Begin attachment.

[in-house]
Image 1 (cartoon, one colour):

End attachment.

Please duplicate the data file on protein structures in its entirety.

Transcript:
[in-house]
Image 1 (cartoon, one colour):